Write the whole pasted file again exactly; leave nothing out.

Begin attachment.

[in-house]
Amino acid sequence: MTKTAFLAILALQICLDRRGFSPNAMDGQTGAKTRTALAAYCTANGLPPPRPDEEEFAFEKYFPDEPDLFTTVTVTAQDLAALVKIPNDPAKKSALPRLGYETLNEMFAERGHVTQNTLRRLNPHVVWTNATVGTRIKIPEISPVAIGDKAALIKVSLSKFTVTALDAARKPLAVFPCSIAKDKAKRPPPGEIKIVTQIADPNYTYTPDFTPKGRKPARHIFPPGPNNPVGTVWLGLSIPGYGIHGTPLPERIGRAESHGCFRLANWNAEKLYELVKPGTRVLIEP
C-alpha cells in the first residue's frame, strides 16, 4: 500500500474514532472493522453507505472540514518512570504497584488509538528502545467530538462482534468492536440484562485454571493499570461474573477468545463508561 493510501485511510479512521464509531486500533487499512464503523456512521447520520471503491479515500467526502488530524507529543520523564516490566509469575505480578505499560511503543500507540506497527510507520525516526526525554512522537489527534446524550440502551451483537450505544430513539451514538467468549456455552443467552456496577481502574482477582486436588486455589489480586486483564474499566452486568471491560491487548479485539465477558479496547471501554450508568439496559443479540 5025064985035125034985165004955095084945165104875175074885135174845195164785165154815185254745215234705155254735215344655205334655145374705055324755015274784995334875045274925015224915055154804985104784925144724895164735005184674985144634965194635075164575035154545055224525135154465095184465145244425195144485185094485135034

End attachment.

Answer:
[in-house]
Amino acid sequence: MTKTAFLAILALQICLDRRGFSPNAMDGQTGAKTRTALAAYCTANGLPPPRPDEEEFAFEKYFPDEPDLFTTVTVTAQDLAALVKIPNDPAKKSALPRLGYETLNEMFAERGHVTQNTLRRLNPHVVWTNATVGTRIKIPEISPVAIGDKAALIKVSLSKFTVTALDAARKPLAVFPCSIAKDKAKRPPPGEIKIVTQIADPNYTYTPDFTPKGRKPARHIFPPGPNNPVGTVWLGLSIPGYGIHGTPLPERIGRAESHGCFRLANWNAEKLYELVKPGTRVLIEP
C-alpha cells in the first residue's frame, strides 16, 4: 500500500474514532472493522453507505472540514518512570504497584488509538528502545467530538462482534468492536440484562485454571493499570461474573477468545463508561 493510501485511510479512521464509531486500533487499512464503523456512521447520520471503491479515500467526502488530524507529543520523564516490566509469575505480578505499560511503543500507540506497527510507520525516526526525554512522537489527534446524550440502551451483537450505544430513539451514538467468549456455552443467552456496577481502574482477582486436588486455589489480586486483564474499566452486568471491560491487548479485539465477558479496547471501554450508568439496559443479540 5025064985035125034985165004955095084945165104875175074885135174845195164785165154815185254745215234705155254735215344655205334655145374705055324755015274784995334875045274925015224915055154804985104784925144724895164735005184674985144634965194635075164575035154545055224525135154465095184465145244425195144485185094485135034